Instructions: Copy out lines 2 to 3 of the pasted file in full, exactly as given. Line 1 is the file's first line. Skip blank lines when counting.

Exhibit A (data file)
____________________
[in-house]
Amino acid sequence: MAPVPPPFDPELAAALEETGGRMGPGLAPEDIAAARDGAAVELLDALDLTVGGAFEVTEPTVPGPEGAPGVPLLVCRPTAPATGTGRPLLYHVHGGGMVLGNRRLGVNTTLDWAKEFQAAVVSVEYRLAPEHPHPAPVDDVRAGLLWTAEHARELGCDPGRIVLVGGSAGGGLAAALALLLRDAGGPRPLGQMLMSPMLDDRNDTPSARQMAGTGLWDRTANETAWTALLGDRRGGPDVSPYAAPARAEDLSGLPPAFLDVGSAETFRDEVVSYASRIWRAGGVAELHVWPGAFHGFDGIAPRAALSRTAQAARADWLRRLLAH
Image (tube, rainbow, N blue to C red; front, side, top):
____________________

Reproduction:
Amino acid sequence: MAPVPPPFDPELAAALEETGGRMGPGLAPEDIAAARDGAAVELLDALDLTVGGAFEVTEPTVPGPEGAPGVPLLVCRPTAPATGTGRPLLYHVHGGGMVLGNRRLGVNTTLDWAKEFQAAVVSVEYRLAPEHPHPAPVDDVRAGLLWTAEHARELGCDPGRIVLVGGSAGGGLAAALALLLRDAGGPRPLGQMLMSPMLDDRNDTPSARQMAGTGLWDRTANETAWTALLGDRRGGPDVSPYAAPARAEDLSGLPPAFLDVGSAETFRDEVVSYASRIWRAGGVAELHVWPGAFHGFDGIAPRAALSRTAQAARADWLRRLLAH
Image (tube, rainbow, N blue to C red; front, side, top):